1865: Chemist Justus von Liebig developed the first formula, made from cow’s milk, wheat, malt flour, and potassium bicarbonate. The first formula was developed in liquid form and then in a powdered form for longer shelf life. This formula was considered the perfect infant food.

1900: In the United States, most babies were born at home (90-95%)  and most of were attended by midwives.

1900: The National Twilight Sleep Association was formed in order to support the use of a new maternal anesthesia brought to the US by Dr. Carl Gauss. The anesthesia, a combination of Morphine and Scopolamine was used in Europe for a short time, but did not become as popular as it did in the US.

1914 – 1945: Twilight sleep used routinely in response to the movement against pain during childbirth. The drugs used, morphine and scopolamine, caused women to lose their inhibitions. They would have no memory of their labor and birth, nor were they conscious of what was happening. When taking these medications, women became uninhibited and psychotic. They would thrash about on the bed, causing injuries to their heads. They would scream throughout labor. They would attempt to claw at the walls or their medical providers. In order to prevent injury, their heads were wrapped with blankets or towels. They were put in straight jackets or their wrists were strapped to the beds with lambs wool. Then, so  they would not fall out of bed, they were put in ‘labor cribs’ and were left to labor, tied down, until it was time to birth. The women had no memory of this. The drugs also affected the baby, and caused some mothers to die in childbirth. However, birthing people reported satisfaction with their twilight sleep birth experiences, and the procedure continued to gain popularity throughout the mid 1940’s.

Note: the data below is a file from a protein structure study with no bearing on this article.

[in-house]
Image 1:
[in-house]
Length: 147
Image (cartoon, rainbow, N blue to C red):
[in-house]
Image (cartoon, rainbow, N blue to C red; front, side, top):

1901: Dr. Josephine Baker was appointed as city health inspector for Hell’s Kitchen, NY. In this role, she found that 1,500 newborn babies died in the district every week. In order to improve maternal and child health, she improved prenatal care and child health practices, opened clinics, launched a school lunch program, trained babysitters, and opened milk stations. These changes resulted in a significant decrease in infant and child mortality.

1905 : The first maternity clothes were introduced: The use of confining clothes are no longer used during pregnancy.

1908: The American Red Cross begins offering formal childbirth education.

1910′s: Low horizontal cesarean sections significantly decreased infection and ruptures.

1920′s: Birth moved from home into hospitals for those who could afford hospital care.

1930′s: Births become split 50/50 between hospitals and home, and the number of births attended by midwives drops to 15%.

1932: Grant Dick-Read wrote Natural Childbirth, followed by Birth Without Fear in 1944.  These books called for a reduction in women’s fear around birth, a call to physiological birth, and began the modern childbirth education movement.

1951: The first commercial infant formulas are available in stores and rapidly became a popular alternative to feeding from the chest.

1955: Dr. Friedman develops Friedman’s curve: A generalized chart for labor progression that is still used today.

1955: 95% of births occur in US hospitals. Birthing people are seperated from family who remain in the waiting room. The birth experience begins with a prep room where the birthing person is shaved and given an enema. The birthing person is then moved to a labor room, where sedation is used. When the birthing person is ready to birth, they are then then transferred to a sterile delivery room, which resembles an operating room, where the birthing person gives birth and is then transferred to a recovery room. The birthing parent is is separated from the baby to prevent infection for 10 days post birth. After birth, they are transferred to a maternity room where they stay for ten days post birth, until the birthing person can return home and be reunited with the newborn.